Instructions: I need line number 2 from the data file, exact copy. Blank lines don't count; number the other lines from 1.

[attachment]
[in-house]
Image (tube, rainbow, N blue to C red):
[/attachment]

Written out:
Image (tube, rainbow, N blue to C red):